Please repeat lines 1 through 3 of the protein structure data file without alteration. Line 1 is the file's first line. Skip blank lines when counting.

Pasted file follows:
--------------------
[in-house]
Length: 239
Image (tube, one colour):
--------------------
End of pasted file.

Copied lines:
[in-house]
Length: 239
Image (tube, one colour):